The Impact of Writing Conferences on My Life

Today, Roger E. Bruner is sharing his conference story. I love the fact it took him years but he stayed faithful to his goal of attending annually and the blessings that followed.

Roger B&W

When I first started writing novels, I didn’t question whether conferences were worthwhile; I didn’t know they existed. I found out, though, and I’ve make it a practice to attend at least one each year for the past ten or eleven years, even when money was tight.

I can always learn something helpful at conferences. At seventy, I still want to become the best writer I can.

But what has sold me on conferences more than anything else—what has impacted my writing career like nothing else—occurred at one of my earliest conferences. I had an appointment with an editor from Harvest House. I don’t recall which manuscript I pitched, but she asked for sample chapters, and—thankful for her interest—I sent them to her as soon as I got home.

Time to wait and wonder.

Can you imagine my surprise several weeks later—no, not the offer of a contract—when I received email from a different Harvest House editor, one who liked my sample chapters but regretfully informed me that HH didn’t publish anything in that genre. She was very encouraging about the quality of my writing, however, and we periodically exchanged messages. (We still do.)

Every once in a while, I asked if I could send a sample of something to get her opinion, and she was always gracious about doing that. And that’s what happened in June of 2008 when she said, yes, please send her three chapters of Found in Translation. I had recently scrapped the first fifty pages and rewritten the beginning—thanks to advice from James Scott Bell at a recent writers conference—and felt good about the changes I’d made.

On Tuesday, she said she hadn’t been able to put those chapters down and to please send more; I emailed her the whole manuscript. On Friday, she told me to read her message from the bottom up. It was a series of forwards and responses.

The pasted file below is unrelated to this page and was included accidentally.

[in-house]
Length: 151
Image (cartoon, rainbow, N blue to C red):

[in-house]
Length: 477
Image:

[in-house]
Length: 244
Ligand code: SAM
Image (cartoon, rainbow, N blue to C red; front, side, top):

She’d been so impressed she sent the manuscript to Mr. Terry Burns (retired now from Hartline Literary), who agreed that Found in Translation needed to be published and became my first agent without my ever having communicated with him.

How unbelievable that an editor at a publishing house that couldn’t use my novels would do something like that!

Within a year, Terry had obtained a contract for Found in Translation with Barbour Publishing. Barbour had been interested in starting a Young Adult line, but hadn’t seen anything they considered suitable until they saw my manuscript. Talk about timing that was beyond my control…

This journey to first publication was a God-story. A God-sized snowball that began its downhill roll from an expert writing instructor’s advice at one conference and a fifteen-minute interview at a different writer’s conference.

God may not use your conference experiences to impact your writing the same way He did mine, but when you get further down the road, I believe you’ll be able to look back and see what an important role conference attendance played.

Rosa No-Name (small)

 

Biography

Roger Bruner spent his whole work life trying to figure out what he wanted to do when he grew up. Along the way he taught school, interviewed job seekers, and programmed computers. He retired from a temporary stint at Target to write full-time and wishes he could have done that years earlier.

He has four published novels and eight manuscripts that are still looking for a home. He’s also published two small books containing his shorter writings, many of which may be read at RogerBruner.com. His website also contains audio and video recordings of many of his original songs.

A guitarist and songwriter, he’s in the church choir and plays bass in the praise team and guitar at a nursing home ministry. Long interested in missions, he’s gone to Romania, England, Wales, Australia, and Nicaragua on short-term mission trips.

Roger likes spending time with his wife, Kathleen. He has a daughter, who lives with her family in Orlando, and stepdaughters in New York City and Las Vegas.

He enjoys reading, photography, web design, and playing Words with Friends.

Website, Blogs, and Social Media Links

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